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13 November 2012

Style and function is back on the block

Businesses that are looking to boost interest in new products and services are turning to good design. In fact, design will be a priority consideration this year for 44% of marketers who are attempting to make their brand stand out from the competition.

Slick design is at the top of the list when it comes to planning product or service launches for 54% of respondents. It had the biggest impact last year for 44% of respondents working on product or service redesigns and launches. Improving brand perception and creating stand-out are also rated as areas where design can be most effective, according to 80% and 65% of respondents respectively.

Head of digital for a multi-sector business reveals: “After several years of consolidation, design is now taking a pre-eminent role in the repositioning of our business.”

Rolling out an updated brand and ensuring that employees buy in to the new design is just one of many challenges companies face this year, according to respondents. One marketer says he will have to manage two major brand relaunches this year. The challenge, he says, will be balancing the requirement for good design on a tight budget.

Other areas of concern include ensuring new branding is managed effectively at all touchpoints, modernising an 80-year-old logo without alienating existing customers, linking existing products better through a single brand design, and trying to make financial services attractive to younger people through a new look and feel.

Several respondents even indicate that design has a part to play in ensuring the smooth completion of a new brand identity following a company merger or acquisition.

Using design to create maximum impact has also been a trend over the past year. Notable brand refreshes featured include disability charity Scope, which has a new brand identity based on images contributed by its beneficiaries; Carling, which spent £7.3m last year relaunching the brand with more premium packaging; and B&Q, which is spending £12m on a range of new own-label brands.

The role design plays in an effective brand strategy is becoming more prominent, with 57% of respondents confirming that their budgets have increased since last year, and 55% saying design is “very important” to their competitiveness.

One creative marketing manager working in retail says that: “Design has increased in importance since my arrival, as my predecessor was purely focused on marketing in general.”

A worldwide head of brand for a steel company adds: “How people feel about us, which is formed partly by how we look, influences their preference for us and our products. In this sense, design is clearly a business issue.”

Respondents seek design inspiration from a range of sectors, most notably examples from other industries (71%); examples from competitors (67%); wider media such as television and magazines (60%); consumer trends (60%); and industry magazines (57%). Despite crowdsourcing being a popular way of generating new ideas for brand campaigns and products, just 14% say it is a source of design inspiration.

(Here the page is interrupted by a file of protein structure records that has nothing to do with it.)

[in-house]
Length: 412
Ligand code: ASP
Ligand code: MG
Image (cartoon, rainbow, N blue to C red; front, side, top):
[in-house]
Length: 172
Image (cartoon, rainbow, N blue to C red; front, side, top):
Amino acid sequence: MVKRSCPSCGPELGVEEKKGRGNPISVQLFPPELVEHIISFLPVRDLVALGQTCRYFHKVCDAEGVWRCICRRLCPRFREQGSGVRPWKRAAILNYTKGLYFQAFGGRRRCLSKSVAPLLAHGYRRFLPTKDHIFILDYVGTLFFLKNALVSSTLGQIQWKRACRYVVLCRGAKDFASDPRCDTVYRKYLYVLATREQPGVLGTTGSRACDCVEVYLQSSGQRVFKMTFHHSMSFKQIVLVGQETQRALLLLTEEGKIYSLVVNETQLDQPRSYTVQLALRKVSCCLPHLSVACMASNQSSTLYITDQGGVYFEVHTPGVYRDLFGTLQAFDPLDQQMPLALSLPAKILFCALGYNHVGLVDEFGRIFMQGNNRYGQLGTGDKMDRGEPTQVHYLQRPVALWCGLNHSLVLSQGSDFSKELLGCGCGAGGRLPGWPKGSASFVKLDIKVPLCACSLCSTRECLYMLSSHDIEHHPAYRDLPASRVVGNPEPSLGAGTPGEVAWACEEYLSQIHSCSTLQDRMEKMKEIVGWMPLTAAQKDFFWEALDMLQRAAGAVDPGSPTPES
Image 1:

Others comment that valuable ideas can come from looking at industry trends, what’s happening in foreign markets as well as having a strong relationship with a good agency.

When it comes to making decisions about design, 50% say management have the final say. In some companies the responsibility falls solely on the marketing department (41%). However, a democratic 39% say approval from all departments is required, and a consumer-centric 19% say their decisions are run past focus groups. A few respondents also note that engaging the corporate communications department is a key part of the approval focus.

We want to create unique, innovative and simple designs that will make our brand stand out from the competition. (Marketing manager, financial services)

The majority of respondents say that design is managed by an agency or consultancy (54%), although 49% work on design in-house and 45% say it is a marketing department responsibility. Just 4% say design is handled separately to marketing.

While many are celebrating the recognition that design is gaining in the workplace, some are still struggling to get credit for their work. As one marketing manager for a media company says: “Design is not viewed as important by senior management. They’re wrong.”

Another marketer adds: “Challenges include internal acceptance of the importance of design and investing appropriately in it.”

But for the majority of respondents to this survey, design is finally getting the acknowledgement it deserves as businesses realise the impact it can have on their bottom line.


By MaryLou Costa

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